US stock markets closed Thursday without a consistent trend after volatile trading. The Dow Jones Industrial exited with a daily gain of +0.62% at 32'619.48 points, while the market-wide S&P 500 gained +0.52% to 3'909.52 points. US banks extended gains in after-hours trading after the Fed signaled an end to pandemic-era dividend restrictions. On the Nasdaq, however, technology stocks remained under selling pressure and the Nasdaq 100 closed -0.14% lower at 12'780.51 points. In the bond market, the yield on ten-year US government bonds rose slightly to around 1.63% after a lackluster auction of seven-year bonds.
In Asia, most stock indices recorded gains this morning and European stock futures also indicate a positive start to Friday trading. Today’s focus will be on the regular business survey of the Munich-based Ifo Institute on corporate sentiment in Germany.
The Swiss National Bank is sticking to its monetary policy stance and thus also to the negative interest rates. The key interest rate remains at -0.75% and the SNB continues to emphasize that the Swiss franc is valued too high. The central bank will therefore remain active on the foreign exchange market to prevent an appreciation of the franc. In its economic outlook, the SNB assumes a significant recovery of the Swiss economy in the current year and forecasts GDP growth of 2.5-3.0%. In its current inflation forecast, the central bank anticipates somewhat stronger inflationary pressure. Accordingly, the inflation rate will average +0.2% this year (previously 0.0%). In 2022 and 2023, inflation rates of +0.4% (previously +0.2%) and +0.5% are now expected due to anticipated higher oil prices and a weaker Swiss franc.
The Federal Reserve will again allow most US commercial banks to pay dividends and buy back their own shares as of July. This should benefit all banks that successfully pass the upcoming stress test to check capital buffers, the Fed commented.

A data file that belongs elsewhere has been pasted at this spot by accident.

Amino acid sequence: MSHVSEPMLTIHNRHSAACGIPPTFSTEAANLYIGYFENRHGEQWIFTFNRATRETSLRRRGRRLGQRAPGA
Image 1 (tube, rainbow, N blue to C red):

The US economy grew slightly faster in the final quarter of 2020 than had been assumed in an initial estimate. According to revised Commerce Department data, gross domestic product expanded at an annualized rate of +4.3%. The previous assumption had been +4.1%. The relatively moderate year-end growth followed a stellar recovery in the third quarter with an annualized rate of +33.4% after the historic economic slump in the second quarter and the subsequent easing of pandemic measures. An equally positive and more topical sign was provided by the weekly labor market data. Last week, for example, initial claims for unemployment insurance fell by 97'000 from the previous week to 684'000. The decline was thus much stronger than analysts had expected (consensus 730'000). Currently, about 3.9 million people in the US are claiming unemployment benefits.
According to central bank chief Christine Lagarde, the European Central Bank (ECB) could provide guidance to the market on “green bonds.” As one of the largest buyers of “green bonds,” the ECB is closely monitoring how its actions could affect market developments. Standardization could help emerging markets gain liquidity and encourage growth, he said. In this context, the ECB's eligibility criteria could provide useful guidance, Lagarde said.
|08:00||UK||Retail Sales (February, m/m)||-5.7%|
|08:00||SP||GDP Q4 (q/q, revision)||+16.4% (Q3)|
|10:00||GE||Ifo Business Climate (March)||92.4|
|10:00||IT||Business Climate (March)||99.0|
|10:00||IT||Consumer Sentiment (March)||101.4|
|13:30||US||Personal Consumption (February, m/m)||+2.4%|
|13:30||US||Personal Income (February, m/m)||+10.0%|
|13:30||US||Core PCE (Inflation) Index (February, y/y)||+1.5%|
|15:00||US||Consumer Confidence University Michigan (March)||83.0|
|GE||BASF||Capital Markets Day|
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Source: LGT Bank (Switzerland) Ltd.
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